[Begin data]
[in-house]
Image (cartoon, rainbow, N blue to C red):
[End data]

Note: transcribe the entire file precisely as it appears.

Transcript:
[in-house]
Image (cartoon, rainbow, N blue to C red):